Care Facilities Carry Common Indoor Allergens
3, 2005 – NEWSdial.com) Day care facilities
were shown to be an important source for allergen exposure, according
to a study featured on the online version of the Journal of Allergy & Clinical
Immunology (JACI). The JACI is the peer-reviewed journal of the
American Academy of Allergy, Asthma & Immunology (AAAAI).
Indoor allergies have been associated with an increased risk
of allergy and asthma development in children. Many studies have
examined this relationship using levels found in the child's
home since this is where they typically spend most of their time.
Many children also spend a significant amount of time in day
care. In 1997, 63% of the country's 19.6 million children under
the age of five were in some form of regular child care during
a typical week. However, little information is known on allergy
levels in day care facilities in the United States.
Samuel J. Arbes, DDS, MPH, PhD, and colleagues from the National
Institute of Environmental Health Sciences examined the levels
of seven indoor allergens (dog, cat, mouse, American and European
dust mite, fungus, and cockroach) in 89 day care facilities located
in two North Carolina counties. At each facility, researchers
administered questionnaires and collected dust samples from the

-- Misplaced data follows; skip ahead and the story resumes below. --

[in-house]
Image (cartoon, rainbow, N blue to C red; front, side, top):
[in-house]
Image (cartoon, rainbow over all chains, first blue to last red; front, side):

room where children spent the most time. They collected either
a carpet sample, hard surfaces sample, or one of each if both
> Detectable levels
of each allergen were found in a majority of the day care facilities
> Dog and cat allergen
were detected in 97% and 100% of the facilities, even though
dogs and cats were not present in the
majority of the facilities.
> The highest concentrations
were for fungus, American dust mite allergen, and dog and cat
> The lowest concentrations
were for cockroach allergen, European dust mite allergen and
> Carpeted surfaces
had significantly higher levels of dog, cat and dust allergens,
indicating that carpets provide a reservoir
for these allergens.
Researchers compared the results of the study to results of
the National Survey of Lead and Allergens in Housing, which studied
allergen concentrations in 831 homes. They found that although
levels of these allergens were high enough in some day care facilities
to trigger allergy and asthma symptoms, they were very similar
to those found in living rooms in the Southern United States.
This study provides evidence that day care settings are an important
source of exposure to indoor allergens. Further research should
be conducted to examine relationships between allergen exposure
in day-care faculties and the effect on the health of children
and day-care workers.
the Allergy Section of NEWSdial.com
to the Allergy, Asthma, and Sinusitis Ezine
> Return to June 2005 Archives
> Return to NEWSdial.com